The availability of powered machinery during the Industrial Revolution transformed manufacturing and mining processes. Entrepreneurs faced the issue of how to organise their production and administrative activities to exploit these advances profitably. Although domestic and export demand for manufactured goods was high, so was the risk of business failure. Economic and social considerations probably motivated their search. Incomes were very low by today's standards, and price was a major influence on demand. Manufacturers wanted to arrange their business to make the best use of the new machinery to produce large volumes of cheap manufactured goods.
Adam Smith, the Scottish economist, had written enthusiastically in 1776 of the way in which pin manufacturers in Glasgow had broken a job previously done by one man into several small steps. Charles Babbage supported and developed Smith's observations. He believed that 'perhaps the most important principle on which the economy of a manufacture depends is the division of labour amongst the persons who perform the work.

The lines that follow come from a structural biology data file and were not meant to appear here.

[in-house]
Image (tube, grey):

Thompson and McHugh have argued that technological innovation was not the only reason for the growth of the factory system. The fullest development and dissemination of these ideas came in the work of Frederick W. Taylor (1856-1915). An American mechanical engineer, Taylor focused on the relationship between the worker and the machine-based production systems, which by then were in widespread use. He believed that the way to achieve this was to ensure that workers reached their highest daily output. This would follow from detailed control of the process, which would become the primary responsibility of management, not of the worker. Management should concentrate on understanding the production systems, and use this knowledge to specify every aspect of the operation. He advocated five basic principles designed to help managers to achieve this greater control and predictability: